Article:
In addition to that unfortunate situation, funding has not been allocated fairly in the past and Murphy acknowledged that.    I view the system as flawed even when the men running it have the best of intentions and are men of talent and ability.    The principle of "reversion to the mean" will ensure that over time a flawed system will produce the kind of flawed results we have seen in Arkansas highways.

 A college football team might get a great coach once in a while who takes the program to new heights but Kansas St. is never going to be Alabama on a regular basis.  The great coach leaves, and Kansas St. "reverts to the mean" and goes back to being Kansas St. again.  Ergo, even if Madison Murphy is doing a great job as highway commissioner (and he is in terms of efficiency, it's resource allocation where we mostly differ) the mean for our present highway system is a lack of accountability to the people and miss-allocation of resources.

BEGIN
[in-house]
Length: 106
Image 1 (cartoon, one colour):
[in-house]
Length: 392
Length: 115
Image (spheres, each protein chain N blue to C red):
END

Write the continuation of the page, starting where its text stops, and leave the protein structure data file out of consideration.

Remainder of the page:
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Hutchinson acted very nervous when relaying this information.  He kept saying they were "honorable men as individuals" and that "they were very apologetic."      He would not even take a position on the November sales tax issue.

Well, the people in that room had no problem taking a position against a tax increase to pour more money into a flawed state highway system.   Both Conservative Arkansas and the Washington County Tea Party, as well as an increasing number of candidates, have linked up to join Better Spending First, a group dedicated to stopping this madness.


1 Comments:

Blogger Mark Moore (Moderator) said...

Why would anyone living on I-40 or north of it vote for more money to this flawed highway system?

9:08 AM, August 29, 2012